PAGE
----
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Showing posts from March, 2012

Can You Ever Have Too Much Bible Study?

A friend once suggested to me that some of the discipleship methods we had been taught in college and seminary were creating Christians who were "100 verses overweight". It's a funny mental picture, but it's also probably a sad reality. I am sometimes afraid that we have churches full of people who know the Bible from cover to cover but have no idea how to live it out.
Small Groups should be the lab where people figure out how to live the things they are learning. A Sunday (or Saturday) sermon which feeds your mind is great, but what you do with it is most important. Hopefully, your small group is helping you to digest the teaching, and then invest it in your daily living.
The other day I came across this blog post about a group who couldn't invest in their neighbors or community because they were too busy with nightly Bible studies. Studying the Bible is great, but at some point, you have to put it into practice. I've summarized some of the content below, but …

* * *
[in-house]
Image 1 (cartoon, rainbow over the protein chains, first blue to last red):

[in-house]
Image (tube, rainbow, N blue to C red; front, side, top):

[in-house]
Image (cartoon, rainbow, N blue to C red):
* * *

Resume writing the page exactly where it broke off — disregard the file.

Community Is Not About Comfort

These are some great thoughts from the Disciple Making Leaders blog:
“Having loved His own who were in the world, He now showed them the full extent of His love.” —John 13:1b
Jesus showed His disciples the “full extent of His love” by taking up a towel and wash basin and scrubbing their feet. He then instructed them to follow His example.
This snapshot from the life of Jesus and His disciples reminds me of some very important principles…
First, Jesus did life in a small group. Jesus didn’t take a towel and basin into the multitudes. He took His towel and basin to His small group. Jesus had compassion on the masses, but the full extent of His love was demonstrated to those with whom He had a relationship. Are you close enough to a small group of people that you could wash their feet? Is your life filled with a handful of relationship that are so close you want to express the full extent of your love?
Secondly, Jesus served those with whom He shared community. Community is not about us…